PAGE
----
After working to promote peace in 15 conflict zones around the world over the past 25 years, Helena native Robert Rivers and his partner Fernanda Menna Barreto Krum want to promote peace by using something that's brought people together for thousands of years: good beer.
“Conflict is an invitation to growth, or violence, depending on how you deal with it,” Rivers said. “Usually conflicts become exacerbated when people take an individual approach.”
Rivers and Menna Barreto Krum intend to open Big Medicine Brewing Co. in Missoula. They say the brewery will bring people together to educate them about social conflict and social change. They also plan to serve beer inspired by breweries around the world.
The couple visited Helena on Sunday to gather support in Rivers’ hometown. They're also trying to raise $200,000 to supplement their own investment.
Instead of using conventional means to finance the project, the couple is asking for donations to their for-profit venture. The brewery is currently incorporated and their recent fundraising efforts have brought them $35,000.
They're taking that approach to avoid taking on debt that would detract from their mission, they say, and to create a sense of community from the start of the project.
Rivers said that time and time again, non-violent solutions are found when communities come together. Both he and Menna Barreto Krum have spent time in conflict zones promoting peace while witnessing the effects of genocide, torture and war.
Rivers worked as a contractor, advising and training humanitarian organizations. Menna Barreto Krum, a native to Brazil, is a trauma psychologist and family therapist who has treated victims in conflict zones while working with Doctors without Borders, Doctors of the World and Doctors of Victims of Torture.
Besides a strong showing of support from the Helena community, Rivers and Menna Barreto Krum have some big names in Montana brewing behind them.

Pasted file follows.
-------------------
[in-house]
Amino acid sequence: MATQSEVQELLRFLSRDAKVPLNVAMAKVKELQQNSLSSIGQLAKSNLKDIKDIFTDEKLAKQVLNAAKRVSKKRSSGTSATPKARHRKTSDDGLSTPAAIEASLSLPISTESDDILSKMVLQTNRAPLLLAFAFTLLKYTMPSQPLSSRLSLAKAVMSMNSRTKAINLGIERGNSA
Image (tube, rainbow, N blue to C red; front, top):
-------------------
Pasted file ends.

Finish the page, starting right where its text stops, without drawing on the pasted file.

Brad Robinson, a co-founder of Big Sky Brewing Co. in Missoula and a Helena resident, thinks their idea is a brew for success. Menna Barreto Krum and Rivers inherited the books Robinson learned brewing from before he first produced Big Sky’s well-known Moose Drool Brown Ale.
They've also benefited from his advice and support.
Robinson said the combination of structured social change and brewing beer bridges a gap between two things that belong together.
He said fundraising for a for-profit business was a new concept for him, but after meeting Rivers and Menna Barreto Krum and realizing their passion three years ago, he is confident they will reach their goal and be a success in Missoula and on a bigger scale eventually. He sees their business model as a revolutionary approach.
Menna Barreto Krum and Rivers see their venture as enhancing what is already present. Breweries are already gathering places for celebration, Rivers said, and people already share ideas over good beer.
Big Medicine Brewing Co. will intentionally bring people together to collaborate, learn and share ideas to promote social change, Rivers said.
In the first year of operation, two-day workshops are planned each month, featuring subjects related to social conflict and social change initiation, as well as one-hour dialogues twice a month.
For the first year Rivers and Menna Barreto Krum plan to draw on their own expertise and experience to facilitate these programs and brew the beer. Rivers has a master’s degree in peace and conflict studies from the European Centre for Peace Studies, and Menna Barreto Krum has a master’s degree in psychology and a certificate in global mental health from Harvard.
Both have been brewing beer for around five years now and Rivers holds a certificate in brewing and malting science from the University of Wisconsin.
But does Missoula have room for another brewery?
Robinson thinks so. He said that, while he is confident their beer will be a success, their product is social change. The couple said they picked Missoula as a place to start because the market for breweries is strong.
Once up and running, Big Medicine Brewing Co. will produce no more than 1,000 barrels of beer a year, Rivers said. Yearly earnings are capped at $50,000 each for Rivers and Menna Barreto Krum, and any earnings beyond that will go toward purchasing land for a retreat center near Missoula, the couple said.
Robinson said other breweries might turn a cold shoulder to their project, but Menna Barreto Krum and Rivers have seen genocide, Robinson pointed out. He is confident they can handle the local competition.
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